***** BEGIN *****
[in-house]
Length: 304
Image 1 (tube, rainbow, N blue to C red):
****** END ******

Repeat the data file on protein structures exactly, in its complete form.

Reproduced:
[in-house]
Length: 304
Image 1 (tube, rainbow, N blue to C red):